A hallmark of Parkinson’s disease (PD) is aggregates of the protein alpha-synuclein. One of the main pathways to remove excess amounts of alpha-synuclein, which can be toxic for the cell, is chaperone-mediated autophagy (CMA). CMA identifies and transports proteins for degradation, essentially cleaning up the cell to keep it healthy. We have previously shown that if we induce CMA activity in brain cells in small disease models, we can reduce excess levels of alpha-synuclein and protect against the toxicity.
In this study, we seek to investigate whether induction of the activity of the CMA pathway may protect brain cells against alpha-synuclein-mediated toxicity in larger disease models.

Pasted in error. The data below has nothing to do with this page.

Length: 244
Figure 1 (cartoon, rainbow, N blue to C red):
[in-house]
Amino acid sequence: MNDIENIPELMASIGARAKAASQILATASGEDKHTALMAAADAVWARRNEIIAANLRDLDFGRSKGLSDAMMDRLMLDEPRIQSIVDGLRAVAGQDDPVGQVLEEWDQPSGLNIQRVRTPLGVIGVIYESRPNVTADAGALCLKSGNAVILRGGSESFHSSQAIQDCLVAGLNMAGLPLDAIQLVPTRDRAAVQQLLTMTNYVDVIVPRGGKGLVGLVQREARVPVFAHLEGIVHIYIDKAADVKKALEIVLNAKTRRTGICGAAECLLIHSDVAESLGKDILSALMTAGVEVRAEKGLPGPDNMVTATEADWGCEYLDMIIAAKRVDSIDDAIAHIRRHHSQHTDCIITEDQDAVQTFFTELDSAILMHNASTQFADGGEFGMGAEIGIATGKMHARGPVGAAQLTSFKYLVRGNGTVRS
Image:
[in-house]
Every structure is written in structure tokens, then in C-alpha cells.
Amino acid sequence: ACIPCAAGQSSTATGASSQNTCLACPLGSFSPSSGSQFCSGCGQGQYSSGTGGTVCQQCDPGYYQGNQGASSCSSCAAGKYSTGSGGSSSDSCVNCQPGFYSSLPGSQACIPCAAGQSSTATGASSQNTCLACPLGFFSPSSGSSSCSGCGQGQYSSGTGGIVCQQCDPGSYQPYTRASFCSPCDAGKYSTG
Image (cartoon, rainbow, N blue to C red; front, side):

We will induce CMA activity by expressing high levels of the lysosomal protein LAMP2A through a gene therapy approach. To recapitulate the pathological alpha-synuclein load present in PD patients, we will isolate aggregates from human post-mortem PD brains and implant them in the brain of these models. Comparing models where LAMP2A is upregulated and in control models (normal LAMP2A), we will measure alpha-synuclein protein levels, both within cells and in the extracellular space, as well as dopamine neuron survival.
Impact on Diagnosis/Treatment of Parkinson’s Disease:
In the current study we aim to investigate whether induction of a cell pathway responsible for the clearance of unwanted proteins could protect monkey brain cells from dying. If this therapeutic strategy is proven successful, this may pave the way for its possible clinical utility in the treatment of PD.
Next Steps for Development:
If successful in our goals, in future studies we seek to assess whether boosting the CMA pathway could ameliorate or stabilize deposition of alpha-synuclein and dopaminergic dysfunction in model brain, in an attempt to mimic the human PD clinical setting, where such phenomena are already ongoing.